Image: Designed by
Douglas La Rocca
Sat. 6 April 2013 @ 6:00-8:00pm
School of the Art Institute of Chicago
36 S Wabash Ave Chicago, IL 60603
Stephen Eric Bronner (Rutgers University)
Sam Gindin (Socialist Project)
Roger Rashi (Québec solidaire)
Richard Rubin (Platypus)
“Program” and “utopia” have for well over a century now sat in uneasy tension within the politics of the Left, in tension both with each other and with themselves. Political programs tend to be presented in the sober light of practicality — straightforward, realistic, matter-of-fact. Social utopias, by contrast, appear quite oppositely the virtue of aspiring ambition — involved, unrealistic, exhilarating. Historically, then, the two would seem antithetical. In either case, one usually offers itself up as a corrective to the other: programmatism as a harsh “reality check” to pipe-dream idealism; utopianism as a welcome alternative to dreary, cynical Realpolitik.
Today, however, it is unavoidable that both program and utopia are in profound crisis. For those Leftists who still hold out some hope for the possibility of extra-electoral politics, an impasse has arisen. Despite the effusive political outbursts of 2011-12 in the Arab Spring and #Occupy — with their emphasis on the identity of means and ends, anti-hierarchical modes of organization, and utopian prefiguration — the Left seems to have run aground. Traces may remain in the form of various issue-based affinity groups, but the more ambitious projects of achieving sweeping social transformation have been quietly put to rest, consoled with the mere memory of their possibility.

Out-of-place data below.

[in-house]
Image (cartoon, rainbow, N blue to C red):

Meanwhile, longstanding Left organizations, having temporarily reverted to their usual waiting game of patiently tailing popular discontents with the status quo, until the masses finally come around and decide to “get with the program” (their program), have experienced a crisis of their own: slowly disintegrating, with occasional spectacular implosions, many of their dedicated cadre call it quits amid demoralization and recriminations. What could possibly remain for a Left whose goal is no longer utopian, and whose path toward it is no longer programmatically defined? Continue reading